“After I got married, I learnt how to cook curry and make pickles from my husband’s relatives, who are Portuguese Eurasians. My family are Eurasians of English descent and we did not have curries or sambals for our festive spreads, so it was a whole new experience for me.”
Leafing through a pile of old family photos in her living room, Sheila picked two which captured her as a teenager posing with Santa. She said it reflected one of her fondest Christmas memories, when her family travelled to Singapore for their Christmas shopping.
“Back then, it costs about RM3 to RM4 to see Santa Claus. Going to see him was a big thing. Today, children see him everywhere, so I don’t know whether it is a special experience to meet Santa anymore.”
Spending Christmas in Sarawak in the early 70s with her mother's side of the family was also a memory Sheila treasured.
“Another highlight was speaking to Santa Claus on the phone. It was made possible through Telekom Malaysia, which organised a fun hotline for children to call and speak to ‘Santa’.
“We didn’t even have a phone in our house, but our neighbours allowed us to use their phone to ring the number and listen to Santa’s message.”
During her childhood, Shirley remembered that her family would get their fresh pine Christmas tree from Sarawak’s Forestry Department, which would deliver them free of charge.
“The pine trees smelled wonderful. There’s nothing like that fresh pine scent.”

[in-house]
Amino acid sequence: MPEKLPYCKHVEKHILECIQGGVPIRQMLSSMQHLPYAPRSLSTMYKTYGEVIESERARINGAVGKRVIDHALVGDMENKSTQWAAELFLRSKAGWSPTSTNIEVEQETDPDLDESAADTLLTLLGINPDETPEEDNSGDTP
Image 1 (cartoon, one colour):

For Philip Zarsadias, getting his family’s Christmas trees from the nearby convent close to the Portuguese Settlement in Malacca was a memory he cherished.
“The trees had a fantastic smell and were unique, unlike today’s plastic trees.
“The convent had an abundance of pine trees in its backyard, which was located by the coast. We had to ask the nuns for the trees and were allowed to chop them down for the festive celebrations,” he said.
He remembered his childhood celebrations of Christmas as fun, with everyone assigned with his or her own set of chores.
“We lived by the sea. To decorate our homes, a few days before Christmas, we would collect sand from the sea and put it around our house.
“We would collect branches from the pine trees at the sea side for our home decorations.”
He would help his mother make Christmas goodies, like cakes and pineapple tarts, weeks before Christmas day, with help from his siblings.
“In those days my mother did not have an oven, so she would bake the cakes in a kerosene tin over charcoal fire insulated with coconut husks. Getting the correct temperature was critical as there were no temperature controlling dials that she could use.
“Equally laborious to make were the pineapple tarts. I had to skin the pineapple and remove its ‘eyes’.
“It was a time consuming task, but the end results were rewarding when we enjoyed the tarts.”
He said the family would get together for supper after the midnight mass, a tradition that continued today in his own family.
“We usually have macaroni and a chicken or Shepherd’s pie, then we unwrap our Christmas presents after supper.”
On Christmas, the spread includes Devil Curry, roast chicken and Portuguese chili pickle, which he prepares for his family.
“One thing that I miss most about Christmas traditions is the practice of visiting family and friends.
“When I lived in the settlement, we could do this easily, but it is not something that you can do in the city,” Zarsadias said.